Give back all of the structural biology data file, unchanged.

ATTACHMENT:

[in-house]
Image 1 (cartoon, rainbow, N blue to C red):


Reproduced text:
[in-house]
Image 1 (cartoon, rainbow, N blue to C red):